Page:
Salvage Logging

Widespread salvage logging for 30 years after the 1939 fires had huge ecological impacts. It favoured cutting fire damaged (but living) larger diameter trees. After a fire, generally there will be a return of a healthy multi-staged forest required to provide maximum habitat. Bushfires usually leave a high level of this structural complexity in the forest. Wildfires typically consume less than 10% of the wood. However, salvage logging (clearfelling) will convert the forest to an even aged, plantation-like structure.

If we value high species diversity, we need to maintain multi-aged forests. What helps provide this diversity is the cavities and hollows in older trees. The arboreal marsupial population increases by 50% with each additional age class. This is especially the case where wattles have regenerated without the widespread destruction of the Ash overstorey and its nesting sites.

Even if the fire kills trees, they can be biologically valuable. Dead trees still occur in post ’39 regeneration, providing critical habitat for arboreal marsupials, bats and birds. Trees that fall are habitat for ground dwellers and aid germination of rainforest plants.

After a disturbance like wildfire, the biomass needs to be left undisturbed to recover fully. Two mass disturbances on top of each other can tip the scales and destroy the natural forest systems, especially the lower order components like fungi and invertebrates.

The theory that fire destroys Mountain Ash is not true. The majority of Eucalyptus Regnans survived in about 70% of their range which was burnt in the ’83 Ash Wednesday fires. Ash trees don’t tolerate fire well, but they can survive if their upper crown is not scorched. The other species can recover from shoots.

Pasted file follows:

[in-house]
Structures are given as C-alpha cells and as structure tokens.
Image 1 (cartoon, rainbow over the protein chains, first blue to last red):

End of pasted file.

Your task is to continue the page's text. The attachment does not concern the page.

Other problems from salvage logging are erosion from machinery after ground cover hasn’t stabilised the soil. This is when the soils are at their most fragile. Logging and roading would increase the impact of sedimentation in streams.

For regeneration it is crucial that surviving living stands remain and there is no disturbance. Natural regeneration will be severely impacted on by bulldozing the soil and roots, and compacting the fragile soils.

Remaining live trees are more valuable compared with before the fire, mostly in terms of regeneration and habitat value. What fauna survives a fire is much more dependent on the remaining live trees. These trees are able to provide food and shelter much more quickly than seedling trees. If forests areas are fragmented and small, it would be difficult or impossible for some animals and plants to return. It could take between 10 – 30 years.

Forests are made up of thousands of plants and animals all interacting with each other to keep that ecosystem functioning. Fire removes nutrients, the fallen leaves, branches and whole trees, that are broken down by a community of insects, worms, bacteria and fungi living in the top few centimetres of soil. These invertebrates mostly die and fire sterilizes the living soil damaging this process greatly. This lower level of the ecosystem is what afar managers call hazardous fuel. Whole communities feed on these: invertebrates, lizards, frogs, mammals and birds. These animals rely on the litter, trees, shrubs, logs and branches for shelter. Recovery from here is a long and delicate process, not aided by heavy bulldozers and chainsaws.

Claims that trees need to be used soon after a fire is untrue. There were dead ash trees being cut years after the ’39 fires which were sound and useable.

Sources – Lindenmeyer (1997 and 2002), Mackie (pers comm), McCarthy (1997, 2002), Horton (2003).

Late news: Minister Thwaites has allowed 300 ha of fire damaged ash forests to be logged between now and June. These forests were planned for clearfelling over the next three years. We are asking they be logged using special prescriptions so the fragility of the soils are considered.

All up 400,000 ha of forest was burnt. Of this 70,000 is loggable and 23,000 is ash. The mixed forest will be allowed to recover and the ash will be checked in Spring to determine if trees are dead or will regrow. We hope this job is given to independent scientists and not Department foresters.


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